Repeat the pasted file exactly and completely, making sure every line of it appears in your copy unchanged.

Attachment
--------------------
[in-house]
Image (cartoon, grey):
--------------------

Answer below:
[in-house]
Image (cartoon, grey):